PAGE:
Thousands of jobs in the tobacco industry could be lost in Nottingham and Derby according to union officials.
The warning follows publication a government bill to ban smoking in England in enclosed public places.
The Tobacco Workers Alliance (TWA) is concerned a cigarette factory and a filter-making plant could move abroad if the bill is passed.
Both companies involved, Imperial Tobacco and Acordis, said they had no plans to move production.
Brenda Warrington, chair of the TWA, said: "We don't see why our jobs should be exported abroad."
Union officials have said Imperial's Horizon cigarette factory on Lenton Lane Industrial Estate in Nottingham and a site at Spondon, Derby, which produces filters, could be relocated to a country which is seen as less hostile towards the trade.
"Why should we have to go and work abroad just to maintain a reasonable living, that is not the way forward," Ms Warrington said.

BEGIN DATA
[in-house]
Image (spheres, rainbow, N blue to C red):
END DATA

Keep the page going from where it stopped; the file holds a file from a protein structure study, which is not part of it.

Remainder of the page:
"We should be able to accommodate and address everyone's needs in this matter."
The TWA is an alliance of unions in the tobacco industry.
Her claims were disputed by both firms who denied any plans for scaling down production in the UK.
Imperial Tobacco employs 900 people at its site in Lenton, the firm's only UK factory and the largest of its 32 plants worldwide.
Alex Parsons, spokesperson for Imperial Tobacco said: "Quite simply there are no plans to close the Nottingham factory.
"It's the largest factory we have in our global manufacturing portfolio.
"It's an integral part of the business and has benefited from over £27m investment in the last three years."
Paul Newing, spokesperson for Acordis which manufactures the material used in filters, said: "We don't feel in the short to medium term it will have a direct effect on employment.
"We are able to supply markets in eastern Europe and the far East economically from the UK."